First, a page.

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dc.creatorGriffin, James M.
dc.date.accessioned2018-04-13T14:34:31Z
dc.date.available2018-04-13T14:34:31Z
dc.date.issued2018-04
dc.identifier.urihttp://hdl.handle.net/1969.1/166317
dc.descriptionLike politics and religion, water is an emotionally charged topic about which reasonable people vehemently disagree. Some of those disagreements arise from three common misconceptions about groundwater. These misconceptions lead adherents to conclude that since the loss in artesian pressure has been quite marked in many of Texas’ key aquifers, these aquifers are facing imminent depletion and the only reasonable policy prescriptions are to limit pumping to recharge and then let regulators decide who gets to pump. Before embracing these policy prescriptions, the article asks us to consider the empirical basis for these three misconceptions and consider using the market forces of Supply and Demand to regulate water. A properly functioning water market would provide price signals of impending shortage giving regulators and the market time to make necessary adjustments.en_US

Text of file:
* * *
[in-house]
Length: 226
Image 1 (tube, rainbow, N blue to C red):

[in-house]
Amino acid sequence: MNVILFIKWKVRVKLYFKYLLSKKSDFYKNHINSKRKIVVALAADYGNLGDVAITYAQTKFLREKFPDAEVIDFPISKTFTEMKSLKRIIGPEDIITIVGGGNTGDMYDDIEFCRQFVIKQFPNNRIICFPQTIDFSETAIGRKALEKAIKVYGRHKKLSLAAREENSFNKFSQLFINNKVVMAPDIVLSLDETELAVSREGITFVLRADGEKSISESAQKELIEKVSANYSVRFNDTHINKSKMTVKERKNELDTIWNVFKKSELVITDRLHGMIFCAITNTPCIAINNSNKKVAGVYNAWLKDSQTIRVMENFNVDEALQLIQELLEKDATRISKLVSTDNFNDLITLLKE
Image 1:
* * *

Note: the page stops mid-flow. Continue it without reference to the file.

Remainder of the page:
dc.language.isoen_USen_US
dc.publisherMosbacher Institute for Trade, Economics & Public Policyen_US
dc.relation.ispartofseriesVolume 9;Issue 2
dc.rightsAttribution-NonCommercial-NoDerivs 3.0 United States*
dc.rights.urihttp://creativecommons.org/licenses/by-nc-nd/3.0/us/*
dc.subjectgroundwateren_US
dc.subjectTexas water policyen_US
dc.subjectacquifer storageen_US
dc.subjectwater marketsen_US
dc.titleTexas Groundwater: Dispelling Some Common Misconceptionsen_US
dc.typeArticleen_US
dc.contributor.sponsorBush School of Government and Public Service


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  • The Takeaway
    Policy Briefs from the Mosbacher Institute for Trade, Economics, and Public Policy

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Attribution-NonCommercial-NoDerivs 3.0 United States
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